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Indian Journal of Human Genetics
Medknow Publications on behalf of Indian Society of Human Genetics
ISSN: 0971-6866 EISSN: 1998-362x
Vol. 18, Num. 1, 2012, pp. 106-108

Indian Journal of Human Genetics, Vol. 18, No. 1, January-April, 2012, pp. 106-108

Trisomy 8 in leukemia: A GCRI experience

1 Department of Cancer Biology, Cell Biology Division, The Gujarat Cancer and Research Institute, NCH Campus, Asarwa, Ahmedabad, Gujarat, India
2 Department of Medical Oncology, Cell Biology Division, The Gujarat Cancer and Research Institute, NCH Campus, Asarwa, Ahmedabad, Gujarat, India
Correspondence Address: Prabhudas S Patel, Department of Cancer Biology, Cell Biology Division, The Gujarat Cancer and Research Institute, NCH Campus, Asarwa, Ahmedabad - 380 016, Gujarat, Indiam,

Code Number: hg12019

DOI: 10.4103/0971-6866.96673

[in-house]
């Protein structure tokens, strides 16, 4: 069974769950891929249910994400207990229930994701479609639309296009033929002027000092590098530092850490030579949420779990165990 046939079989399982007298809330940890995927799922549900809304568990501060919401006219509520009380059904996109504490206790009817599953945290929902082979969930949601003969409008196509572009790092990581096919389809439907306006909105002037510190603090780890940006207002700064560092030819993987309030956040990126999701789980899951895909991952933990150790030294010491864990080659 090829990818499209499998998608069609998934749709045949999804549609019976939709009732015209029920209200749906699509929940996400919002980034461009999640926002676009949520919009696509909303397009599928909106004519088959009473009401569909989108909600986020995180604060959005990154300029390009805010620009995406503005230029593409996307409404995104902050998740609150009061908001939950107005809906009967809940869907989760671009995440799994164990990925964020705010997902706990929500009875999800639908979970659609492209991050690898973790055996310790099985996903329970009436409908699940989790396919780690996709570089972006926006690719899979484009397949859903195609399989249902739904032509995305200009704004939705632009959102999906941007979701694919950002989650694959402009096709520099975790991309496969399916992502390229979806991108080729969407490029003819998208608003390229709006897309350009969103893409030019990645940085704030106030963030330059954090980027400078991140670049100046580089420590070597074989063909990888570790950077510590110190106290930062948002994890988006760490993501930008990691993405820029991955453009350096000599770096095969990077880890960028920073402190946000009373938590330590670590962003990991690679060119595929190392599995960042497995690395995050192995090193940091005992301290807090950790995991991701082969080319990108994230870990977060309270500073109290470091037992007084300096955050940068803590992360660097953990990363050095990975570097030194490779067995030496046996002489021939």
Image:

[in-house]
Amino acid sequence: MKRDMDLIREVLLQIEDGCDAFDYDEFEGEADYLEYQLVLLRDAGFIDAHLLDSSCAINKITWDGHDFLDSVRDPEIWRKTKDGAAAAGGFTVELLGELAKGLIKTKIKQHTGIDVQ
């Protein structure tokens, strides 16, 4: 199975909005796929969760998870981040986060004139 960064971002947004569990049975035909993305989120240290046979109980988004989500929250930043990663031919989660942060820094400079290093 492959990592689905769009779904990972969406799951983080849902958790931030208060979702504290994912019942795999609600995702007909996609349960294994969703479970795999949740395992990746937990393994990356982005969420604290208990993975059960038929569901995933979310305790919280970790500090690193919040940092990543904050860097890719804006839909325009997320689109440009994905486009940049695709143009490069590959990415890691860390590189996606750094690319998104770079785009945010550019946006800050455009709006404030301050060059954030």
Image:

Trisomy of chromosome 8 is frequently reported in myeloid lineage disorders and also detected in lymphoid neoplasms as well as solid tumors suggesting its role in neoplastic progression in general. It is likely to be a disease-modulating secondary event with underlying cryptic aberrations as it has been frequently reported in addition to known abnormalities contributing to clinical heterogeneity and modifying prognosis. Here, we share our findings of trisomy 8 in leukemia patients referred for diagnostic and prognostic cytogenetic assessment. Total 60 cases of trisomy 8, as a sole anomaly or in addition to other chromosomal aberrations, were reported (January 2005-September 2008). Unstimulated bone marrow or blood samples were cultured, followed by GTG banding and karyotyping as per the ISCN 2005. Patients with +8 were chronic myeloid leukemia (CML) (36), acute myeloid leukemia (AML) (17), and acute lymphoblastic leukemia (ALL) (7). In 7 patients, trisomy 8 was the sole anomaly, whereas in 6 patients +8 was in addition to normal clone, in 47 patients, the +8 was in addition to t(9;22), t(15;17), and others, including 3 with tetrasomy 8. Only one patient showed constitutional +8. The present study will form the basis of further cumulative studies to correlate potential differential effects of various karyotypic anomalies on disease progression and survival following a therapeutic regime. To unravel the role of extra 8 chromosome, constitutional chromosomal analysis and uniparental disomy will be considered.